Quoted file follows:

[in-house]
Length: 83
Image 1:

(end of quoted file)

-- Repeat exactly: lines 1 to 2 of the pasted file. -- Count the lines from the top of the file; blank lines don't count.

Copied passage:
[in-house]
Length: 83